Sandy Brown, M.D.
Many high school students are
already strongly motivated to become physicians and they are
thinking ahead to college and beyond. The following two
letters are illustrative:
November 14, 1979
Dear Dr. Brown:
I am a high school senior who is
considering medicine as a career. Despite the information
supplied in your book there are still two questions to which
I would greatly appreciate a personal answer.
The first deals with the old question of should I go to the
most prestigious college I can get into or to a less
prestigious school where my marks may be higher. Let me give
you some academic information that might help you:
My SATs: Math: 760 Verbal: 650
Math I: 790
Math II: 80
I graduated 20th in a class of 559
If I got in, should I choose Johns
Hopkins, the University of Pennsylvania, M.I.T. or Brown
over less prestigious schools such as Brandeis or the
University of Rochester? How much weight does the college I
attend have on my chances of acceptance to medical
A second question is, should I necessarily major in a
science? I am considering majoring in economics, so that if
I decide not to go into medicine, or I am not accepted, I
will have something to fall back on as a career. Will this
have an adverse affect on my chances of acceptance?
I realize that these are hard questions to generalize on,
but I would be appreciative of any advice that you can
Mr. Devine clearly does not have the
problems most of us have when worrying about how we're going
to get into medical school. Graduating in the top 5% of his
class, with outstanding SAT scores, he is the type of
student that the premed curriculum and MCAT are made for.
His biggest problem will probably be deciding which medical
school to attend. However, he can do himself a favor by
choosing a college for reasons other than prestige or ease
of getting good grades. He should go to the school he feels
best about and get a well-rounded education. Medical school
admissions committees have rejected applicants whose only
achievements were high GPAs and MCAT scores. It is important
to distinguish yourself in areas other than academics and,
for borderline academic students, it is critical. (Of note-a
personal communication that I received from Mr. Devine four
years later states, "As possibly useful to you I offer the
information that I most likely be entering Columbia P&S
next fall." The letter was dated April 21, 1984 which would
have made Glenn a college senior and, as I predicted, he did
October 22, 1980
Dear Dr. Brown,
I am presently a junior at St. Mary's
Academy, a high school for girls. I am very interested in
becoming a physician. I am a candystriper at a nearby
hospital and have talked to many doctors about their
However, there are a few things I am
worried about. I have read at least three articles which
said there will be too many doctors by the year 1990. Also,
I am worried about not getting into medical school.
Most of the doctors I talk to have said
that if you really want to be a doctor, you can do it. I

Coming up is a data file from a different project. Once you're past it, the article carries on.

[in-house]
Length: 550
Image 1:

hope this is true, because I don t want my desire to become
a doctor to be just a dream-I want to make it a
Ms. Piotrowsky chooses to worry about
not getting into medical school but, should she succeed, she
would then prefer to worry about the notorious expected
surplus of physicians in the next decades. Well, I suspect
that in some circumstances it is appropriate to put the cart
before the horse; why go into a field that requires intense
preparation if the job outlook is dismal? We are graduating
many more physicians yearly now than we were ten years ago.
The costs of medical education are high and most students
graduate in debt. Furthermore, many medical and more
surgical specialties are glutted, and physicians no longer
have the luxury of making their living wherever they might
wish. Physicians are struggling more than ever to become
What will all this mean down the road?
Not, I suspect, that earning a livelihood as a physician
will become impossible, but that it will require
considerably more sacrifice. Young physicians will not be
able to have their cake and eat it too, as in the past. They
may have their choice of specialty or place of residence,
but probably not both. And they will earn less money because
there will be more of them competing for available patients.
All this may have a salutary effect on the profession,
encouraging those people primarily interested in public
service and discouraging those whose primary motive for
entering medicine is financial. I honestly cannot foresee
the time when a young practitioner oriented toward patient
care will not be able to live comfortably.
However, to be fair to the darker side, the solo practioner
may become extinct in the next decades along with the
physician's long-treasured autonomy. Increased competition
and fiscal restraints will influence how physicians practice
medicine. More physicians will be working for hospitals,
health maintenance organizations and ambulatory care
centers. Fewer patients will be admitted to hospitals, for
shorter periods of time. As society in general becomes more
cost and care conscious, health-care consumers will do more
"doctor-shopping," seek second opinions and demand active
participation in health-care decisions. We may well witness
a paradox: on the one hand medical care could become
rationed according to ability to pay for services; on the
other, physicians and hospitals may arm themselves with
business and marketing strategies to be competitive in an
era of surplus health-care providers and